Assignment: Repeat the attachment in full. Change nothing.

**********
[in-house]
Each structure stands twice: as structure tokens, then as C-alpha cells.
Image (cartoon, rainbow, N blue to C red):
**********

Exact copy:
[in-house]
Each structure stands twice: as structure tokens, then as C-alpha cells.
Image (cartoon, rainbow, N blue to C red):